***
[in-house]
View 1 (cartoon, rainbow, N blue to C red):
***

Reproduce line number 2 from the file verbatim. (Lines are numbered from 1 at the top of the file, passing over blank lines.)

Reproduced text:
View 1 (cartoon, rainbow, N blue to C red):